Nine early-career faculty members receive 2023-24 Hellman Fellowships

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In investigating brain activity via fMRI, brain scientists look to the areas that show signs of increased blood oxygenation, which has allowed them to map specific parts of the brain to certain functions of the mind and the body.

“Most of what we know about brain functionality comes from studying pairwise relationships between activations of two brain regions,” said Nina Miolane, an assistant professor in UC Santa Barbara’s Department of Electrical and Computer Engineering, “which has revealed how neurological disorders, such as Alzheimer’s disease, impact brain functionality.”

However, according to her, pairwise correlations may not tell the whole story, and there’s bound to be a rich world of insight to be gained by a wider-angle view on brain activity in response to injuries and disease, but also for complex natural processes such as aging and menopause.

This new type of analysis is the goal for Miolane. To help her get there, she has been awarded one of this year’s Hellman Family Fellowship Awards, for a project titled “Higher-Order Correlations in Human Brains.”

“We are honored to receive this award for our research studying fundamental principles of neural computations by the human brain,” said Miolane, who is teaming up with UCSB neuroscientist Emily Jacobs, UCSB physicist Jean Carlson and UC Irvine neurobiologist Liz Chrastil for this project.

Miolane is one of nine 2023-24 Hellman Faculty Fellows at UC Santa Barbara, all assistant professors who show capacity for great distinction in their research. The award is designed to support early- to mid-career faculty as they grow their research portfolios.

“These awards can be incredibly impactful for early career scholars by supporting a level of rigor and innovation that can help catapult an assistant professor’s career to the next level,” said Dana Mastro, associate vice chancellor for academic affairs and professor of communication at UCSB.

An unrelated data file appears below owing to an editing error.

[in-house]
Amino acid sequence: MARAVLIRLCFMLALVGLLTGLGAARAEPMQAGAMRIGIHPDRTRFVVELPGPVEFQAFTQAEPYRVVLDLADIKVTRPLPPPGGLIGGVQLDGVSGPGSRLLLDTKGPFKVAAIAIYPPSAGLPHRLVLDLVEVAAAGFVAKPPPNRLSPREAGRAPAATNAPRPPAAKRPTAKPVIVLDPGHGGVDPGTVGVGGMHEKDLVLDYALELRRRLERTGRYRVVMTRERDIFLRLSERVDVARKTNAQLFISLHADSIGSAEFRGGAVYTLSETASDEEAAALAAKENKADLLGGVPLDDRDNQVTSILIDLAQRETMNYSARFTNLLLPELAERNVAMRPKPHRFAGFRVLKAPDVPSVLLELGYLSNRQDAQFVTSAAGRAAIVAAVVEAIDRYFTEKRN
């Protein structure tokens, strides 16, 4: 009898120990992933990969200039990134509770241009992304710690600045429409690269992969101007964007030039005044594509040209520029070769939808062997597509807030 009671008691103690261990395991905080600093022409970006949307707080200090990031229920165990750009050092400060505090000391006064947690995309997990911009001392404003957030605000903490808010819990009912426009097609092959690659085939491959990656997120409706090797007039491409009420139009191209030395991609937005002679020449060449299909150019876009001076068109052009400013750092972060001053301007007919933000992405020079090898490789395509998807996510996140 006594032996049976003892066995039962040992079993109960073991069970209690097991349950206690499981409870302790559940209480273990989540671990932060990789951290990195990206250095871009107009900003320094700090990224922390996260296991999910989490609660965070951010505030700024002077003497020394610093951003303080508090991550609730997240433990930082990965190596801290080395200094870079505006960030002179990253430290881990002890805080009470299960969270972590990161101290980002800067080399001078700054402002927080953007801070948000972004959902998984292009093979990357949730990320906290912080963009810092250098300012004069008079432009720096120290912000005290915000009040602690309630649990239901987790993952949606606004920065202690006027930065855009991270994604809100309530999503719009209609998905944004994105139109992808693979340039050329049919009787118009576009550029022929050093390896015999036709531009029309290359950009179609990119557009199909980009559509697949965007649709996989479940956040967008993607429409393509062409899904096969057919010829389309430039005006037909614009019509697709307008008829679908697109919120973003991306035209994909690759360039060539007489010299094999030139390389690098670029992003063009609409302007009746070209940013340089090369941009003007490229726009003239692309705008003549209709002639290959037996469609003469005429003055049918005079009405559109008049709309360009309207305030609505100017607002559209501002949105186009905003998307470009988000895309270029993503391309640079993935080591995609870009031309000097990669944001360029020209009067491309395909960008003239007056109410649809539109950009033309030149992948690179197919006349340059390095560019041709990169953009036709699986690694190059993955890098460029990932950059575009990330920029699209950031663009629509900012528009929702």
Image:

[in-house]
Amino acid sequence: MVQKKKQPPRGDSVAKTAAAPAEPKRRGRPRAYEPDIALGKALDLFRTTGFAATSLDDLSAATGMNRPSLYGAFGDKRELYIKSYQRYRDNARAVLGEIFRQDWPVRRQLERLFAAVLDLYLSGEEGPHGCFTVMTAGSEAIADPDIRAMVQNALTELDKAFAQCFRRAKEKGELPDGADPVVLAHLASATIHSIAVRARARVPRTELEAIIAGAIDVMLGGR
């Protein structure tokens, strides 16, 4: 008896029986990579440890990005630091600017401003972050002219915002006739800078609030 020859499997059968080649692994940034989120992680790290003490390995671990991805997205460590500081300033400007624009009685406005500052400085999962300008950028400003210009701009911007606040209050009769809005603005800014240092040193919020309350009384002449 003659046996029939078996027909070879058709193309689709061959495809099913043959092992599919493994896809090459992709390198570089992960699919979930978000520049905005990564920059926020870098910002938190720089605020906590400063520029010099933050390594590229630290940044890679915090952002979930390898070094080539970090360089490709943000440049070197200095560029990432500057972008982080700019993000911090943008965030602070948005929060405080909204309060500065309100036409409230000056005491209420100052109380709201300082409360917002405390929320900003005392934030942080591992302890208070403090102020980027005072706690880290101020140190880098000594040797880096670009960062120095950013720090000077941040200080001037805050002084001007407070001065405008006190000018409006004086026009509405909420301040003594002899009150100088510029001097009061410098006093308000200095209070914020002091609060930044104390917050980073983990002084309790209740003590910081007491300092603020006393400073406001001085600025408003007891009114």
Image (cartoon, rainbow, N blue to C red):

This year’s Hellman Fellows include:

Vladimir Hamed-Troyansky, Department of Global Studies, for “Global Hijra: Muslim Refugee Migration since 1850”

Dana Kornberg, Department of Sociology, for “Fighting for Capital(ism): Black-owned Businesses and the politics of Liberation”

Teja Nerella, Department of Physics, for “Cosmological recombination on small scales, and implications for the Hubble Constant”

Misha Sra, Department of Computer Science, for “A low-cost actuator for the design of programmable matter”

Ryan Stowers, Department of Mechanical Engineering, for “Engineered 3D platform for ex vivo patient-derived tumoroid culture”

Alisa Tazhitdinova, Department of Economics, for “Understanding capital gains responses to taxes using transaction-level data”

Cathy Thomas, Department of English, for “Unruly Genealogies of Afrodiasporic women and girls”

Yangying Zhu, Department of Mechanical Engineering, for “Blood-vessel-inspired cooling of batteries using internal convective flow”

Initially established in 1995 and launched at UC San Diego and UC Berkeley, the Hellman Fellows program has since expanded to all ten UC campuses and four private institutions. It provides early career fellowships before tenure that allow faculty to continue to take risks and gather necessary data to complete research that will take their academic careers to the next level.

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